Interaction Design Reflections: Wireframes

This week, we performed an iterative wireframe exercise in order to flesh out the navigation architecture for our imaginary mobile app.

Sketch first, ask questions later

We did sketches with plain old pen and paper, then posted them to a student group forum for peer review.

ehrmagerd dat handwriting

Despite my atrocious chickenscratch, I received generally positive feedback with a few suggestions identifying conceptual problems related to the lower navigation bar.

On your “Account” wireframe, do you think that the tray navigation is necessary there? Could it distract the user from adding funds and potentially have them abandon and not make a payment?

Here was the first major problem. The activities Add Account, Add Funds to Account and Add Payment Method are all discrete activities with definitive outcomes (e.g., Save or Cancel, Remove or Cancel, etc), but I had kept navigation elements (i.e., lower tab bar and the &lgt; Back buttons) present on those screens. At best, those components only clutter up the UI; at worst, they’d present huge vectors for user error and confusion.

I went with the suggestion of modalizing (probably not a word) those activities.

Top-level navigation elements to activities that will not be used often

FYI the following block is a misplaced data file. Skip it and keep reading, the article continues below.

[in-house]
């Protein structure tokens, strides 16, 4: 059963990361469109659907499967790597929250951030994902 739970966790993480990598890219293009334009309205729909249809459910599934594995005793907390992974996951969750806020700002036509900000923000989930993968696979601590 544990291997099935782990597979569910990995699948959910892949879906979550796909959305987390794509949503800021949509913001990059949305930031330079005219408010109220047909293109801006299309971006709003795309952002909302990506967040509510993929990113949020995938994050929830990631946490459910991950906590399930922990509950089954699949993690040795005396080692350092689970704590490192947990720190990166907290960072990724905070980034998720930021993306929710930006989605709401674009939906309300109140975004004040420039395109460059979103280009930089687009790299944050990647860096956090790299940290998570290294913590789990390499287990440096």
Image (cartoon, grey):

ADD ACCOUNT: Again I think the process here is good, but it should not be part of the main nav because once your kids are entered you will have no further use for it.

This one actually made me laugh once I thought about it. Here’s this button that you will literally never need again if you’ve only got the one child in school right there at the bottom of the app. Ever-present. Mocking you. Judging you. All because you can never use it again.

I fixed this one by restructuring the architecture around three key areas: Home, Accounts and Payment Methods. Incidentally, those ended up being the three navigation buttons on the lower nav.

The Takeaway

Spent a lot of time with this weekend

Because last week led up to a holiday, the schedule was relatively light—I was actually able to play around with this time. As it turns out, it’s pretty frickin sweet. Who knew? example

My crappy screenshots that don’t really do it justice…

You can create an interactive prototype (composing transitions, state changes, animations, etc.) that responds to user inputs and covers most major mobile interface design languages (e.g., iOS, Material Design, etc). It’s not unlike XCode’s Storyboard functionality except cross-platform and without the $1300 cover charge. does have its flaws

Granted, there are some quirks about the interface that bug me. For example, double-clicking on an element that contains text won’t actually select the text inside of it. The required interaction is:

  1. Double click element.
  2. Wait half a second.
  3. Double click again.
  4. Crap, didn’t work. Pause for another half second.
  5. Double click.
  6. Still nothing.
  7. Click furiously until something happens.

Also, if you turn off Snap to grid (because it’s just too damn aggressive), Shift+Up|Down|Left|Right will shift selected elements by Infinity. Let that percolate in your mind for a moment…

But considering the functionality packed into it, I’m inclined to just live with those complaints.



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